We picked up our junior ranger books at the visitor's center and took the shuttle bus into the park and scouted out all the necessary items to fill requirements and receive their badges at the end of the two days.

We went on two hikes, chosen for their listing in the "easy" category. We came to realize during our time there that the categories might possibly be renamed as "easy: you'll probably not die,"  "moderate: you could die," and "hard: a number of people actually died while on this trail."  Seriously, we chose those two hikes because our party included a 2 year old and a crippled grandma. The signs declared them to be wheelchair accessible. Well, if  you had two guys from the WWF to push the wheelchairs, possibly.

No, seriously, we made it. But we adults realized that we're fairly out of shape. Oh, and when the trail description includes "occasional sudden drop-offs" it references the edge of the trail where, if one would step off right there, one would tumble faaaaaarrrr to the bottom of a ravine. So, it makes one need to seize the hand of the 2 year old who is somehow drawn like a magnet to that very edge. The little person was carried quite often and finally convince that she must walk on the mountain side of the trail, rather than the cliff side of the trail.

It really was beautiful and lots of fun and, even though I occasionally felt like I might need those WWF guys to show up (right now, please...) with the wheelchair, I managed to hike just under 6 miles in those two days. Pretty good for a broken down granny, huh?  We spent a little time in the spa at the motel; we shopped in a couple of gift stores; we examined scat and animal footprints; we played in the mud. A good time was had by all.

Mud...what could be more fun?
Mud from knees to toes--greatest day ever!!
We tried many different "family" poses.
The river was as red as the cliffs, mainly because the cliffs are continuously erroding into the river.

 It is just an astonishing place, everywhere you look, because of the geology.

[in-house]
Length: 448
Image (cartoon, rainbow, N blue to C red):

Cutest person in the park admiring a tortoise statue.
We went from "Don't take my picture!" ... "Grandma, take a picture of me on this rock!"
Fun times with fun people!

The junior rangers, wearing their badges and assorted Halloween headgear.
This was the result after about ten minutes in the car after the second day of hiking.
If you've never visited Zion National Park, then I highly recommend that you go in the fall. It is a stunning geological wonderland. You might take some little folks, too. They'll enjoy the mud and rocks and bugs and deer. Outdoors is a fine place to spend a weekend, no matter your age.

Tuesday, October 09, 2012

Drama in the Fourth Grade

Two weeks ago, I had a mother approach me during "Goodies With Grandparents." (This is an activity where we invite grandparents to school one morning for a snack and then they join us for our elaborate and wonderful flag ceremony up on the playground.) Anyway, I was in the cafeteria being a good teacher by meeting and greeting, when my student and her mom came over. Their purpose: pressure me to move the girl from the seat she occupied in my classroom. She'd been saying to me that she wanted to move for about a week. Of course she wanted to move, who wouldn't? She was seated across from a serious pest of a boy, who usually ended up with his desk being slid over to a private area within 10 minutes of his arrival in my room. So, I decided I wasn't going to give in to her "I'm not feeling comfortable where I sit" complaints because it was 70 minutes of her entire day. In her two other classes she didn't sit next to him, so I figured she'd probably survive. (And--there are only so many places during that class where I can move people--it's a group with more than its fair share of difficult students.) But, no...she'd gone home to complain to Mom, and so now Mom was standing in front of me pressing her daughter's case. And the daughter was standing there, with tears in her eyes. Sigh. You know I moved her that afternoon.

So, today I get a special little gesture from this same girl, who has now spent two weeks seated at a new desk, away from the pest, and now the new seat has become toxic to her. I said, "Who is bothering you now?"  Well, once again, tears begin to flow. I finally got it out of her that the problem wasn't even a person in the room with her. It was a person who sits in the desk during another period, but whose notebook and folder are stored in that desk, along with her notebook and folder, and a third student from yet another class. Once, she "liked" that boy, but now, she doesn't. And she was all stressed out about having her things be in with his. Maybe he'd "do something" or....I'm not really sure because she couldn't even say his name to me. She was crying too hard. I looked through the desk, and immediately divined who she must be referencing, so I simply moved his materials to a different desk, and put someone else's things in their place. In the class he travels with, it wouldn't matter where he sat. (And now, his nametag wouldn't be contaminating her notebook by touching it in the desk, and she wouldn't have to see his name everytime she reached in to take her writing materials. Okay?)  This calmed her down, and I sent her over to the girl's bathroom to wash her face and regain her composure.